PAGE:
By Josie Borlongan, Garden Guides Contributor
About Summer Squash
A summer squash (Cucurbita pepo) is an annual plant that trails for several feet and forms a compact plant of three feet (90 cm) spread. Summer squash fruit have a cylindrical shape about 12 inches (30 cm) long and 5 inches (13 cm) in diameter. They may be trailing or bushy with green, yellow, white or striped skin. Summer squash are best grown during warmer seasons with ideal temperatures between 64 and 81 degrees F (18 to 27 degrees C).
Sow when the soil temperature is at least 59 degrees F (15 degrees C). Prepare holes at least 12 inches (30 cm) wide and deep, working in plenty of well-rotted compost or manure as you backfill. Cover with about 6 inches (15 cm) of manured soil made into small mounds to ensure sharp drainage.
Summer squash is generally insect-pollinated; however, during colder seasons, if fruits are not setting, it may be necessary to hand pollinate. The female flower has a tiny bump (the embryonic fruit) behind the petals that the male flower lacks making it easy to distinguish between them.
Choosing a Variety
Custard squash have flat and flute-edged fruits, whereas crookneck squash have swollen fruits with a characteristic bent neck. There are also round-fruited cultivars. Spaghetti squash are squash-like in shape but with hard skins; it is so named because when they are cooked the flesh resembles that of spaghetti. The recommended summer squash are Butterstick, Clarimore, Golden Crookneck, Magda, Papaya Pear, Peter Pan, Scallopini, Seneca Prolific, Starship, Sunburst, Sundance and Spaghetti squash, such as Orangetti Pasta and Vegetable Spaghetti.
Place each seed about an inch (2.5 cm) deep. Sow in their natural environment after the frost has passed. You can also germinate the seeds indoors in small pots. Space bush types 3 feet (90 cm) apart and trailing types 4 to 6 feet (1.2 to 2 m) apart. Protect young plants with cloches or floating row covers in cool areas. In hot areas, floating row covers can be used to protect against insects. Apply mulch after planting.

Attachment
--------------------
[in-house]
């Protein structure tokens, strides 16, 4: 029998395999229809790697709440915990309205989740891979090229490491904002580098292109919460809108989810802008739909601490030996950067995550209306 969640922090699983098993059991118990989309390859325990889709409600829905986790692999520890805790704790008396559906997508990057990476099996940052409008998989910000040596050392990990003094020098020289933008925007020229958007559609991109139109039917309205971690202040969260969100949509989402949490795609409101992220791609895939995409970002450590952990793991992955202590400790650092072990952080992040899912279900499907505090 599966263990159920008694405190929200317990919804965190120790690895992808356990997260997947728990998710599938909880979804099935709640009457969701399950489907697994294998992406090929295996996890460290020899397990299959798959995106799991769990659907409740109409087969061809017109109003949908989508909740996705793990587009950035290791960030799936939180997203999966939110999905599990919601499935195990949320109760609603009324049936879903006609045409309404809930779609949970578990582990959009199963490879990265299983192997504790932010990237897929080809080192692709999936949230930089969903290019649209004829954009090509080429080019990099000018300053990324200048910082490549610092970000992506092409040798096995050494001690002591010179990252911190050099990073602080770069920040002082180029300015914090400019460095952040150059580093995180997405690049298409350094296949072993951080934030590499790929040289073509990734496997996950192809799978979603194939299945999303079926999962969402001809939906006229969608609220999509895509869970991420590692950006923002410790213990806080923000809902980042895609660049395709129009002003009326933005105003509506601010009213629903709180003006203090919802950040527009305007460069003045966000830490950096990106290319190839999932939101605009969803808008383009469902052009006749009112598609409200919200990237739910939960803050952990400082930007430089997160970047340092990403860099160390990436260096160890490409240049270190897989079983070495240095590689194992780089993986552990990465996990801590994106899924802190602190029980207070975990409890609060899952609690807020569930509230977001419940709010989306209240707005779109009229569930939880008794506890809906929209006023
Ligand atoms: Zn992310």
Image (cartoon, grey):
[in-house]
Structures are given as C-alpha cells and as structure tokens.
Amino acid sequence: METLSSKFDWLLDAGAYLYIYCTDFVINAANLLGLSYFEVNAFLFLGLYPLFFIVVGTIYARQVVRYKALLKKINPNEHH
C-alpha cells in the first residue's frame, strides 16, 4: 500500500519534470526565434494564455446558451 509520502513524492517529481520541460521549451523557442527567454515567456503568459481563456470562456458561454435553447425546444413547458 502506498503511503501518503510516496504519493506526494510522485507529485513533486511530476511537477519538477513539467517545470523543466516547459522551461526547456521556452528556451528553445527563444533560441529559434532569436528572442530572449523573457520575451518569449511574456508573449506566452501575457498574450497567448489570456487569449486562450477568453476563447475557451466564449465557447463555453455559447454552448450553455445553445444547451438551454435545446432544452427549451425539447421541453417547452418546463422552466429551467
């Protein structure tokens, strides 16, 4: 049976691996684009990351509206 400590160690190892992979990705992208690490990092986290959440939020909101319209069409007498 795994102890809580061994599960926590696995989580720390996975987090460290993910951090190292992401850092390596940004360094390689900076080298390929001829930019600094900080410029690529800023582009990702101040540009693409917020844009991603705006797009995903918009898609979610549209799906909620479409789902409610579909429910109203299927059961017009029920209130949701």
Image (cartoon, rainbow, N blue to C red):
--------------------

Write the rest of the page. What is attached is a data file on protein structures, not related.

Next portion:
Grow trailing types up supporting fences, nets or stakes or allow them to twine up strings. The shoots may be trained in circles, using bent wires to peg down the stems. Toward the end of the growing season, nip off the ends of the shoots. As fruiting continues, fertilize plants every two weeks with a high potassium fertilizer or equivalent organic fertilizer. Water plants regularly during the growing period, especially after transplanting, so that plants establish quickly. Watering is also essential during flowering and fruiting to ensure healthy fruit formation. Watch out for pests and diseases. Slugs may attack in early stages; squash vine borers, cucumber mosaic virus, spotted cucumber beetles and striped cucumber beetles have been known to cause problems.
Harvesting and Storage
The best time to harvest summer squash is seven to eight weeks after planting. Some varieties may be stored for a few weeks if they are kept in a well ventilated area about 50 degrees F (10 degrees C) with high humidity. Spaghetti squash may be stored longer, up to several months in similar environment. Harvest shoots from the top 6 inches (15 cm) of the stem. From there, new growth will appear. If you are harvesting flowers, pick the male ones after the females have set.